What the foregoing demonstrates is how a perspective, a will, effects an interpretation of the world. If Nietzsche’s analysis of the character of the scientist is correct, science’s inclination towards discovering facts of a certain formal, ideal character by means of disinterested contemplation emerges from a denial of sensuality. What thus becomes salient in this interpretation of the world are precisely those sorts of facts, and affectivity, sensuality, and so on are demoted to a lower rank ontologically.

- Jordan Adshead (February 2012)


Heidegger, M. (2009). The Question Concerning Technology. In M. Heidegger, Basic Writings (pp. 307-343). Routledge.

Janaway, C. (2007). Beyond Selflessness: Reading Nietzsche's Genealogy. Oxford University Press.

Leiter, B. (1994). Perspectivism in Nietzsche's Genealogy of Morals. In R. Schacht, Nietzsche, Genealogy, Morality (pp. 334-357). Berkeley: University of California Press.

Nietzsche, F. (1968). The Will To Power. Vintage Books.

Nietzsche, F. (2003). Twilight of the Idols and The Anti-Christ. Penguin Books.

Nietzsche, F. (2008). On The Genealogy of Morals. Oxford University Press.

[1] Leiter (1994), p. 334

[2] GM III, 12

[3] GM III, 24

[4] WP 481

[5] Leiter (1994), pp. 336-338

[6] GM I, 17

[7] GM III, 15

[8] GM III, 16

[9] TI VI, 1

[10] TI VI, 6 (emphasis added)

[11] TI VI, 2

[12] TI VI, 6

[13] WP 600

[14] The Anti-Christ (‘A’), 15

[15] TI III, 6

[16] TI IV

[17] Leiter (1994), p. 356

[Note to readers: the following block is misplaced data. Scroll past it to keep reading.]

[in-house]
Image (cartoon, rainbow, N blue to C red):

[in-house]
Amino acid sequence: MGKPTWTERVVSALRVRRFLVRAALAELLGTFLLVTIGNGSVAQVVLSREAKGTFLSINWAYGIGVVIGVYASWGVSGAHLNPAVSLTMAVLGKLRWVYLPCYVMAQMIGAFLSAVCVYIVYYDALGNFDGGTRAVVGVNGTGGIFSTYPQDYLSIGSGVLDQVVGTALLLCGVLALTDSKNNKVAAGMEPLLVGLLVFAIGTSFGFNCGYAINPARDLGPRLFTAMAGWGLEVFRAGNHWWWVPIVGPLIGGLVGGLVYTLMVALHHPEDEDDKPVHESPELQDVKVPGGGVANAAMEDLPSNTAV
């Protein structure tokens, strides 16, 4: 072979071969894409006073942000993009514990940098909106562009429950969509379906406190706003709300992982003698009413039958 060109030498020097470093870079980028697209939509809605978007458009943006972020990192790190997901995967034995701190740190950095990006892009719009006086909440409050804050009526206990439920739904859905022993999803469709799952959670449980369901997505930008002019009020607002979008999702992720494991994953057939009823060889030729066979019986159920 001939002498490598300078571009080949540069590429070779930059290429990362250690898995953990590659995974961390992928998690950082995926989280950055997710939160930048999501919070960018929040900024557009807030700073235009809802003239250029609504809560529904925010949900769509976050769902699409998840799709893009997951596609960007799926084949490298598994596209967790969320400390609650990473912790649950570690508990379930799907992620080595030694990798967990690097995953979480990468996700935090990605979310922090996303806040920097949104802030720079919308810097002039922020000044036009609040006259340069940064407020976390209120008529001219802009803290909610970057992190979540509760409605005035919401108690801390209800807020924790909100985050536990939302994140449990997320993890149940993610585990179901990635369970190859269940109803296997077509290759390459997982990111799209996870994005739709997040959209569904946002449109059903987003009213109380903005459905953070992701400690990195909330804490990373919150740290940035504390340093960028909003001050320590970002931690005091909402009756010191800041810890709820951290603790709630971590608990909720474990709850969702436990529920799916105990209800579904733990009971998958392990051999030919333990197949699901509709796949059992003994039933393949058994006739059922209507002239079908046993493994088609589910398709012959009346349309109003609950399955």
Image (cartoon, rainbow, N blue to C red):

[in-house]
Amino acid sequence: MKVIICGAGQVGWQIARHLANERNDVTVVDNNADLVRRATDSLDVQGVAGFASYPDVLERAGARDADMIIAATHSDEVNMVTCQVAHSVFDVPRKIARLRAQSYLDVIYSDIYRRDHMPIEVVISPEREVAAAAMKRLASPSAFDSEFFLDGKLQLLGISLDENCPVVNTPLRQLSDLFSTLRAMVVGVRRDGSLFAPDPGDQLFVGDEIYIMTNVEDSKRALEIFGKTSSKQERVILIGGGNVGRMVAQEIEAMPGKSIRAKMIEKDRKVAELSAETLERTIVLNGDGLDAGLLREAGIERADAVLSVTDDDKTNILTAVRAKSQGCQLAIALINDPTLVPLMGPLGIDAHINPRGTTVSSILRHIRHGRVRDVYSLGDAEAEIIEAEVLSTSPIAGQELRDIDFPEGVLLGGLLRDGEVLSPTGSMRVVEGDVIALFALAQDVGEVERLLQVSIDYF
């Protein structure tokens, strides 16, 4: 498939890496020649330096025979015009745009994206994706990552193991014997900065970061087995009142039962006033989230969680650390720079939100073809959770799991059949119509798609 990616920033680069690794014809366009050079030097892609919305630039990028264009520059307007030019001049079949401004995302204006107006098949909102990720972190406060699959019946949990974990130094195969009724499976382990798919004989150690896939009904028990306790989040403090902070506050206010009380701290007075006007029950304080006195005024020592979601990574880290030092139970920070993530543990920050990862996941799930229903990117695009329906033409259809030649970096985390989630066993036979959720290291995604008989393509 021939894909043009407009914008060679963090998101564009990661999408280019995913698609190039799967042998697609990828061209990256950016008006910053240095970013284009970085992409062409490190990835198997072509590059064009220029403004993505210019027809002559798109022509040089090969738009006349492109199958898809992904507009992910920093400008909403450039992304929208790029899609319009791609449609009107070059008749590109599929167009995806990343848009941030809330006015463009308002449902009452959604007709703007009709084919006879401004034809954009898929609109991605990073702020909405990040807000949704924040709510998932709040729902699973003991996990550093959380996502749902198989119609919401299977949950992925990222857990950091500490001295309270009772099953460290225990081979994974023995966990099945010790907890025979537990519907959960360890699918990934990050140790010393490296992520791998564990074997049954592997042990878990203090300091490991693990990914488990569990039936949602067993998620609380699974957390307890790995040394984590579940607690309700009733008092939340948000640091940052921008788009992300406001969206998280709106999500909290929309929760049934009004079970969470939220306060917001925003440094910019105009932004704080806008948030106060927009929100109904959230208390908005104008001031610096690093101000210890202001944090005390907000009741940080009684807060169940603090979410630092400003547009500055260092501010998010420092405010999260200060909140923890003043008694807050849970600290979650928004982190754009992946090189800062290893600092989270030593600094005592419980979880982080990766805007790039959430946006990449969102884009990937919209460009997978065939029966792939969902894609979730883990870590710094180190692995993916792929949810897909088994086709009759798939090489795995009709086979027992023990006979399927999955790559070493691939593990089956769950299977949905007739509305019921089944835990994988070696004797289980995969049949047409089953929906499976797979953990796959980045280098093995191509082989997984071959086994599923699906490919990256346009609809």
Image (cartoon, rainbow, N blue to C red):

[18] Janaway (2007), p. 204

[19] GM III, 24

[20] Ibid.

[21] GM III, 23

[22] GM III, 12

[23] GM III, 25

[24] GM III, 24

[25] Beyond Good and Evil (‘BGE’), 22

[26] GM I, 1

[27] WP 624

[28] GM III, 23

[29] GM III, 25

[30] In Bergmann’s terms, it is an aspect owning the possibility of being represented on a ‘map’, but it is not an absolutely complete map in itself.

[31] GM III, 24

[32] Heidegger (2009), pp. 326-328

Thursday, 2 February 2012

Existence & Computational Creativity

In this paper we are going to be looking at computational models of creativity. Computational models are generally applied in two different projects, in understanding human creativity and in producing machine creativity.[1] The idea that computational models can take us some way towards explaining human artistic creativity is not uncontroversial. In this paper I will be looking at reasons to think that computational models are inadequate to map what is essential to artistic creativity but that they have important explanatory value nonetheless.

Before we can begin a definition of creativity will be necessary. There is broad consensus in the field on two necessary conditions of creativity which is thus defined as a faculty for producing (1) original and (2) valuable things.[2] So with a rough idea of the minimal basis for creativity we can better see what forms creativity can take. Margaret Boden identifies three such modes; combinational, exploratory, and transformational.[3] Combinational creativity involves making original and valuable connections between things which haven’t been made before, as with metaphor or analogy. The exploratory and transformational forms require more elaboration.